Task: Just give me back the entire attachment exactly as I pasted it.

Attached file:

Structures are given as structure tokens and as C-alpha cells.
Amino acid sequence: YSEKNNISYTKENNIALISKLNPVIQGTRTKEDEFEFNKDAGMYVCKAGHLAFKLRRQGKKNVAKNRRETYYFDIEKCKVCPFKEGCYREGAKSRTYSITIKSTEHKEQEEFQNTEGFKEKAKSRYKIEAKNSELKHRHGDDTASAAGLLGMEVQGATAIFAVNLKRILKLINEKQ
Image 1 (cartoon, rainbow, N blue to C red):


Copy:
Structures are given as structure tokens and as C-alpha cells.
Amino acid sequence: YSEKNNISYTKENNIALISKLNPVIQGTRTKEDEFEFNKDAGMYVCKAGHLAFKLRRQGKKNVAKNRRETYYFDIEKCKVCPFKEGCYREGAKSRTYSITIKSTEHKEQEEFQNTEGFKEKAKSRYKIEAKNSELKHRHGDDTASAAGLLGMEVQGATAIFAVNLKRILKLINEKQ
Image 1 (cartoon, rainbow, N blue to C red):